Working with food tailored to genetic expression classifies people by various body parts such as fingerprints, length of torso, length of upper or lower legs, strength-testing your genotype, and other specific measurements that relate to statistical correlations. Information also discusses statistical correlations of diseases later in life, for example to finger print patterns, the way your body puts on weight, response to infections, and how thin or thick your blood is, among numerous other correlations.

For example, your genes may have a metabolic basis to survival by conserving calories. For tens of thousands of years, your ancestral genes didn't know from where the next meal was coming. So your body responds metabolically, that is, your body responds to the idea of scarcity of food by slowing down your metabolism in the way your cells respond to stimulation.

Another type, which responds by inflammation, is the reactive genotype. Your immune system responds to the microbes in your environment with aggressive inflammation. You'll probably remember a childhood full of antibiotics. Too much friendly fire--over-reaction of your immune system could put you on the path to autoimmune diseases. It's a hair-trigger response to infection from viruses, bacteria, allergens, and autoimmune responses.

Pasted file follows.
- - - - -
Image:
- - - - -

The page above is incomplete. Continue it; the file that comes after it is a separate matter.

Think about how some women over-respond even to their husband's sperm, treating early pregancy as an invasion by a foreign substance, or responding with a variety of their own illnesses to pregnancy. These people, such as blood type O, are geared to react and primed for physical activity.

A tolerant immune system, for example, as some blood types have, such as blood types AB or B, are adaptable, reminiscent of nomads of thousands of years ago that traveled through different environments. This type doesn't react very quickly to inflammation or microbes.

Instead it adapts as it responds to the environment by altering the binding sites (receptors) found on cells and tissues. These receptors are used by microbes to attach to tissues and organs. That's great for priobiotics in the digestive track. So your body tries to get along with whatever the environment throws at you, adapting instead of defending.

Basically, the book goes through all the genotypes and the blood types. For example, Blood type O is more vulnerable to cholera and the plague. Blood type A is more vulnerable to smallpox. Blood type B is more vulnerable to a wide varieties of the flu, and type AB is more vulnerable to malaria.

Blood types also are correlated with levels of stomach acid. For example, blood type A and AB have less or weaker stomach acid than blood types O (which has the strongest stomach acid) and B, also with strong stomach acid for eating animal proteins. According to the book, type O needs a more carnivorous diet. It's the oldest blood type. Once, perhaps tens of thousands of years ago, the whole world was blood type O. Later, farmers developed high numbers of blood type A, more the vegetarian type.